We Have a Long Way to Go: Anti-Hillary Clinton Buttons Stir Controversy

I have so much to learn. Here I am, thinking that the best way to criticize a politician with whom you either disagree, or who you simply do not like, is to explain why her policies or even personality bother you and why. How wrong can one person be?

The California Republican party recently held its annual convention. On display at the convention were anti-Hillary buttons. Fair enough, right? Former Secretary of State Hillary Clinton is a Democrat. So it is entirely predictable, even rational, that the members of the Grand Old Party would take aim at the presumptive front-runner for the Democratic nomination in the 2016 presidential election.

One can argue that it is not only rational, but in fact it is the job of one major political party to point out the differences that they have with the other major political party. These criticisms and discussions help to elucidate important distinctions between the parties and allow voters to make informed decisions at the ballot box. Voters need to know what the major political parties, and the politicians affiliated with those parties, stand for and believe in.

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While there are plenty of complaints about negative political advertisements, one person's attack advertisement is another person's fountain of educational information. There is nothing, in my opinion, inherently wrong with critical advertisements as long as they are substantive and include a reason for the criticism. (Too often, of course, they are not.) An advertisement that, for instance, criticizes a politician for her support of more stringent immigration rules, defining marriage as between a man and a woman, or the use of military force in Syria gives voters important information about that politician and the people behind the advertisement (assuming we are capable of identifying the source of the advertisement, which is a topic for another day).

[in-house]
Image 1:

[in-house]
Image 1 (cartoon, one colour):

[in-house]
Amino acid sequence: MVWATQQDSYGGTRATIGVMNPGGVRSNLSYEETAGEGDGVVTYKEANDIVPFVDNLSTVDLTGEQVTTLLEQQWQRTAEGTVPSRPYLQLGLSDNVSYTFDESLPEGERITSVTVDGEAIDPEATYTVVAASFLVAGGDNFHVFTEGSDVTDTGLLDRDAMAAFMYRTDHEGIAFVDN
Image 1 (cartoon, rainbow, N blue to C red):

And this brings me back to the buttons passed around at the California GOP annual convention, which state: "KFC Hillary Special: 2 Fat Thighs, 2 Small Breasts ... Left Wing." After reporter Carla Marinucci broke the news of the buttons with the above tweet, prompting outrage on social media, the buttons were disappeared, she said in a follow-up tweet. Nonetheless, let us pause for a moment while the sheer hideousness of that message sinks in. Please spare me the comments about this being all in good fun. It is not. These buttons not only a "joke" about Hillary's physique, but they also promote a certain view of the female body -- two small thighs, two big breasts.

Let me be clear. If the California Democratic party had handed out buttons "joking" about the bodies and appearances of say, Meg Whitman, Carly Fiorina, Michele Bachmann, or any other republican woman, I would feel the same level of disgust. This is not about differences in political ideology or policy. And isn't that the whole point? These buttons do not give me any useful information about Clinton or why the California GOP disagrees with her.

Instead the only information these buttons give me is that their creators and distributors have terrible judgment.

And there's more.

These buttons also show that it is still, in 2013, permissible to take aim at a female politician's body. It shouldn't be. Let us try something radical and judge those who may seek to represent us based on the wisdom of their ideas, rather than making "jokes" about their bodies.

About the Author

Jessica Levinson is an Associate Clinical Professor at Loyola Law School. She focuses on the intersection of law and government.
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